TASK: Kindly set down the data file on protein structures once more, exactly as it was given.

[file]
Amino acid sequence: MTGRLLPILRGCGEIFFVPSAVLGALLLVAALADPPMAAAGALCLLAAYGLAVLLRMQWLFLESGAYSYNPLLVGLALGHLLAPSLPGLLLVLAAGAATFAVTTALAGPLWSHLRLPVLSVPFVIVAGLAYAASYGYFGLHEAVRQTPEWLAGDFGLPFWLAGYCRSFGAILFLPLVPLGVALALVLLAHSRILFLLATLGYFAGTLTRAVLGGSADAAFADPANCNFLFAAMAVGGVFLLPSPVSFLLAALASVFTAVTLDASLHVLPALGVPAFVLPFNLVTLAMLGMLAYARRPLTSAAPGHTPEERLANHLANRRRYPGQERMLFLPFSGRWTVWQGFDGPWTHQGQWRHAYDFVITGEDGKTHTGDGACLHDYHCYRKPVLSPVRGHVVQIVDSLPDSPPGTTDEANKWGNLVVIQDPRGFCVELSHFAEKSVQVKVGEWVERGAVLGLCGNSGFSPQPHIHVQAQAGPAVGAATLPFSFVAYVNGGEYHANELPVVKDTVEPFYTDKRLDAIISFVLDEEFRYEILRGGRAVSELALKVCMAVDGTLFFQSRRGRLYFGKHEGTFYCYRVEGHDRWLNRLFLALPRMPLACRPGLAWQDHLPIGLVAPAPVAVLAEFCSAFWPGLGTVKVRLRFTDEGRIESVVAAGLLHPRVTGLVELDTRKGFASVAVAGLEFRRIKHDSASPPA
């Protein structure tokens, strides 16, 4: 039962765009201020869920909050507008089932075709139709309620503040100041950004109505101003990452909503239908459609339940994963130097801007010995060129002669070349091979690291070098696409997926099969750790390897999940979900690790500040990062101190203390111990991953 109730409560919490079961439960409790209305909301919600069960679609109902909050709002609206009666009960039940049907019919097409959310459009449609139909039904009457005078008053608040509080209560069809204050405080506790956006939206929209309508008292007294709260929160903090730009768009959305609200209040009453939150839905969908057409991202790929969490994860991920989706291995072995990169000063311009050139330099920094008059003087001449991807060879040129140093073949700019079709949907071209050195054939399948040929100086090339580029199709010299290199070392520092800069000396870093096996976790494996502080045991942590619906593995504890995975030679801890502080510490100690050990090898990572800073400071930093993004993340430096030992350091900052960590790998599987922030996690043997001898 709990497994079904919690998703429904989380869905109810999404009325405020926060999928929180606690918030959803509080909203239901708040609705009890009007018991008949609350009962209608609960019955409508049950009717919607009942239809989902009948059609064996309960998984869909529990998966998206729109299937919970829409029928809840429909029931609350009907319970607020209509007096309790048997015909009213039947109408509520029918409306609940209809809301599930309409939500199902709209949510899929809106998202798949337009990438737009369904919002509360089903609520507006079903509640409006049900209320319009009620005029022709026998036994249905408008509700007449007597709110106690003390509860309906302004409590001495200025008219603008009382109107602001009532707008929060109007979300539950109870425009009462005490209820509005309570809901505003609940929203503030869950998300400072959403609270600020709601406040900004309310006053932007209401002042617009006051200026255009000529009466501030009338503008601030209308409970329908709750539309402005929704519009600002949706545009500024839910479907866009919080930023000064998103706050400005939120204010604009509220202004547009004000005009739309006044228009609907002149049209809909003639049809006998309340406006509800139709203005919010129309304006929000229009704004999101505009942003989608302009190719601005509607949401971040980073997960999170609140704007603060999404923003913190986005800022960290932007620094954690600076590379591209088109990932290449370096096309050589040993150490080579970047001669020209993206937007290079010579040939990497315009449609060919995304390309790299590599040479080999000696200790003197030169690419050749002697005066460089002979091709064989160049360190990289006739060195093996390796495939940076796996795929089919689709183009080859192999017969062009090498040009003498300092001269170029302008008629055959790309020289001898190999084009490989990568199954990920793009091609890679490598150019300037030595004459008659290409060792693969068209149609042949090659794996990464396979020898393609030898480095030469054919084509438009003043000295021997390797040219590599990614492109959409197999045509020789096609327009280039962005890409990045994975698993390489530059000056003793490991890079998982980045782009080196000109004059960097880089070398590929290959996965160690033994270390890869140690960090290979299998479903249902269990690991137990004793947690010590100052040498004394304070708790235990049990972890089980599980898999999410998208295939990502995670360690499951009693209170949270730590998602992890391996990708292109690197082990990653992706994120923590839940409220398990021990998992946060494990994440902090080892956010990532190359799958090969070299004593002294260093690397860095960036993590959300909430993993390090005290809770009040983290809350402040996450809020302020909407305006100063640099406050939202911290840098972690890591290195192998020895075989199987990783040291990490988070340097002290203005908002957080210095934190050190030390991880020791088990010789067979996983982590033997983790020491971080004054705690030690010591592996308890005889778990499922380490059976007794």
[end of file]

Amino acid sequence: MTGRLLPILRGCGEIFFVPSAVLGALLLVAALADPPMAAAGALCLLAAYGLAVLLRMQWLFLESGAYSYNPLLVGLALGHLLAPSLPGLLLVLAAGAATFAVTTALAGPLWSHLRLPVLSVPFVIVAGLAYAASYGYFGLHEAVRQTPEWLAGDFGLPFWLAGYCRSFGAILFLPLVPLGVALALVLLAHSRILFLLATLGYFAGTLTRAVLGGSADAAFADPANCNFLFAAMAVGGVFLLPSPVSFLLAALASVFTAVTLDASLHVLPALGVPAFVLPFNLVTLAMLGMLAYARRPLTSAAPGHTPEERLANHLANRRRYPGQERMLFLPFSGRWTVWQGFDGPWTHQGQWRHAYDFVITGEDGKTHTGDGACLHDYHCYRKPVLSPVRGHVVQIVDSLPDSPPGTTDEANKWGNLVVIQDPRGFCVELSHFAEKSVQVKVGEWVERGAVLGLCGNSGFSPQPHIHVQAQAGPAVGAATLPFSFVAYVNGGEYHANELPVVKDTVEPFYTDKRLDAIISFVLDEEFRYEILRGGRAVSELALKVCMAVDGTLFFQSRRGRLYFGKHEGTFYCYRVEGHDRWLNRLFLALPRMPLACRPGLAWQDHLPIGLVAPAPVAVLAEFCSAFWPGLGTVKVRLRFTDEGRIESVVAAGLLHPRVTGLVELDTRKGFASVAVAGLEFRRIKHDSASPPA
């Protein structure tokens, strides 16, 4: 039962765009201020869920909050507008089932075709139709309620503040100041950004109505101003990452909503239908459609339940994963130097801007010995060129002669070349091979690291070098696409997926099969750790390897999940979900690790500040990062101190203390111990991953 109730409560919490079961439960409790209305909301919600069960679609109902909050709002609206009666009960039940049907019919097409959310459009449609139909039904009457005078008053608040509080209560069809204050405080506790956006939206929209309508008292007294709260929160903090730009768009959305609200209040009453939150839905969908057409991202790929969490994860991920989706291995072995990169000063311009050139330099920094008059003087001449991807060879040129140093073949700019079709949907071209050195054939399948040929100086090339580029199709010299290199070392520092800069000396870093096996976790494996502080045991942590619906593995504890995975030679801890502080510490100690050990090898990572800073400071930093993004993340430096030992350091900052960590790998599987922030996690043997001898 709990497994079904919690998703429904989380869905109810999404009325405020926060999928929180606690918030959803509080909203239901708040609705009890009007018991008949609350009962209608609960019955409508049950009717919607009942239809989902009948059609064996309960998984869909529990998966998206729109299937919970829409029928809840429909029931609350009907319970607020209509007096309790048997015909009213039947109408509520029918409306609940209809809301599930309409939500199902709209949510899929809106998202798949337009990438737009369904919002509360089903609520507006079903509640409006049900209320319009009620005029022709026998036994249905408008509700007449007597709110106690003390509860309906302004409590001495200025008219603008009382109107602001009532707008929060109007979300539950109870425009009462005490209820509005309570809901505003609940929203503030869950998300400072959403609270600020709601406040900004309310006053932007209401002042617009006051200026255009000529009466501030009338503008601030209308409970329908709750539309402005929704519009600002949706545009500024839910479907866009919080930023000064998103706050400005939120204010604009509220202004547009004000005009739309006044228009609907002149049209809909003639049809006998309340406006509800139709203005919010129309304006929000229009704004999101505009942003989608302009190719601005509607949401971040980073997960999170609140704007603060999404923003913190986005800022960290932007620094954690600076590379591209088109990932290449370096096309050589040993150490080579970047001669020209993206937007290079010579040939990497315009449609060919995304390309790299590599040479080999000696200790003197030169690419050749002697005066460089002979091709064989160049360190990289006739060195093996390796495939940076796996795929089919689709183009080859192999017969062009090498040009003498300092001269170029302008008629055959790309020289001898190999084009490989990568199954990920793009091609890679490598150019300037030595004459008659290409060792693969068209149609042949090659794996990464396979020898393609030898480095030469054919084509438009003043000295021997390797040219590599990614492109959409197999045509020789096609327009280039962005890409990045994975698993390489530059000056003793490991890079998982980045782009080196000109004059960097880089070398590929290959996965160690033994270390890869140690960090290979299998479903249902269990690991137990004793947690010590100052040498004394304070708790235990049990972890089980599980898999999410998208295939990502995670360690499951009693209170949270730590998602992890391996990708292109690197082990990653992706994120923590839940409220398990021990998992946060494990994440902090080892956010990532190359799958090969070299004593002294260093690397860095960036993590959300909430993993390090005290809770009040983290809350402040996450809020302020909407305006100063640099406050939202911290840098972690890591290195192998020895075989199987990783040291990490988070340097002290203005908002957080210095934190050190030390991880020791088990010789067979996983982590033997983790020491971080004054705690030690010591592996308890005889778990499922380490059976007794």